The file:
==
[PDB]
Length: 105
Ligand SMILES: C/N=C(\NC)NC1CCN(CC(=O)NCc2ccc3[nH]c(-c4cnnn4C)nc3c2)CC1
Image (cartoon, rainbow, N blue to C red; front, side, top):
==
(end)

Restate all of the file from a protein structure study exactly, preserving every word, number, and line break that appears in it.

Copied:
[PDB]
Length: 105
Ligand SMILES: C/N=C(\NC)NC1CCN(CC(=O)NCc2ccc3[nH]c(-c4cnnn4C)nc3c2)CC1
Image (cartoon, rainbow, N blue to C red; front, side, top):